Churning cities

Chinese and Indian Singaporeans have had to face up to migrants that undermine their conventional definition of their communities; now Malay-Muslims face the same as Alami Musa calls on mosques to accommodate immigrant Muslims. New York and London too have seen huge waves of immigration; Austin some, Trinidad has not. Would we rather that Singapore resemble Trinidad? Full essay.

(Includes links to photos from New York, Port of Spain, Austin and London)

6 Responses to “Churning cities”

  1. 1 chasbelov 19 December 2009 at 16:17

    Interesting. When you referred to Canal Street as a third-world country that New Yorkers no longer went to, I thought you meant that it was crime-ridden and dangerous. When I scrolled down, I found instead a photo of a street vendor selling vegetables much as I might see here in San Francisco at a farmers’ market. Indeed, the images of Canal Street in your photo gallery give no sense of a third-world country, simply a non-English-speaking one. Is there more (or perhaps less) to Canal Street than you show in the pictures, or did I misunderstand your point?

  2. 2 Chris 19 December 2009 at 17:22

    Cities change–people should get over that. When I lived in New York (1970-1991) the spot for gay life was Christopher Street. Lots of bars, boutiques, hangouts, cruising spots on the pier were either on that street or close to it.

    Just as I was leaving for Chicago in August 1991, gay life seemed to be moving uptown from there, settling in Chelsea (between 14th and 34th Streets and 7th and 10th Avenues). It is an area that I was familiar with (as my church there is on 28th and 9th Avenue) but it has utterly changed into the happening gay area of Manhattan. Rents have gone up and the bars are hopping. Christopher Street, on the other hand, is dead, dead, dead. There are still bars down there, but several have closed. The pier has largely been dismantled (it was unsafe and people kept falling through holes in it) and the area is now “seedy”.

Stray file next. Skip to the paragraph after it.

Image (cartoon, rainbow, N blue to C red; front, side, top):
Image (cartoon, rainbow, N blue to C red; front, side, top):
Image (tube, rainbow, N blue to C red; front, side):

New York has always been a polyglot of races, languages, aqnd cultures. Canal Street used to be the centre of Chinatown–is it not still? I shall have to go down there next time I’m in town. The strength of New York is that each wave of immigration reinforces the next, and pushes them up the economic ladder. My area in the Bronx, largely Jewish and Irish when I moved there in 1978, is now totally Hispanic (except for the Jewish Home for the Aged on Kingbridge Road). Dirty Nelly’s, an Irish bar I used to frequent, is now a Mexican restaurant. But the area is more vibrant now than it was when I lived there.

    I suspect that in Singapore, the immigrant Muslims will, once they have a critical mass of people, found their own mosques which will use their own languages (Urdu, Arabic?) and cultures. This has happened here in London, where a mosque behind the Rockingham estate was built by the Saudis for a largely Nigerian immigrant population. There is a Sufi mosque on the Old Kent Road. And the posh mosque near Regent’s Park is nearly all Arab. Helping this is the fact that Islam, by and large (except for Shi’ite Islam) is non-hierarchical so mosques generally just spring up when the need arises.

  3. 3 Mosque banner in English 19 December 2009 at 20:10

    I saw a banner (in English) outside a mosque on some Islamic events and activities organised by the mosque.

    I was then quite surprised until I read your article.(I don’t read the Straits Times). Now I get the rationale why in English.

  4. 4 yawningbread 20 December 2009 at 02:52

    Chas – It’s interesting you brought up the question of what I meant by “Third world”. I use the term to suggest backwardness and a degree of poverty. Scenes that come to my mind when I say “Third world’ would include crowded bazaars, rickety buses carrying twice its safe number of passengers, pot-holed roads, slum housing without proper sanitation, fake goods sold on the street, clinics with peeling paint.